Tyler Durden's picture

The Ghost Of 1997 Beckons, Can Asia Escape? Morgan Stanley, BofA Weigh In





The similarities between the current crisis and that which unfolded in 1997/98 were so readily apparent that many analysts began to draw comparisons and that may have added fuel to fire over the past week. Now, there seems to be a concerted effort to calm the market by explaining that while there are similarities, there are also differences. And while some of the world's imperiled EM economies may be in better shape to defend themselves this time around, when attempting to cope with a meltdown it may be more important to look at where things are similar and on that note, here’s some color from Morgan Stanley and BofAML.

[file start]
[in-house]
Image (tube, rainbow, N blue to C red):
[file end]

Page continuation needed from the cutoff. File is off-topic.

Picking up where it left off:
Tyler Durden's picture

"They're Getting Away With Murder": Trump Blasts "Paper-Pushing Hedge Fund Guys" On Taxes





"The hedge fund guys didn't build this country. These are guys that shift paper around and they get lucky. They are energetic. They are very smart. But a lot of them - they are paper-pushers. They make a fortune. They pay no tax. It's ridiculous, ok?"

 
Phoenix Capital Research's picture

Did the Crisis of Our Lifetimes Begin Last Week?





If the investment world has reached the point at which it no longer has faith in Central Banks’ abilities to prop up the markets, then THE major crisis of our lifetimes is here.

 
 
Tyler Durden's picture

Saudi Arabia Faces Another "Very Scary Moment" As Economy, FX Regime Face Crude Reality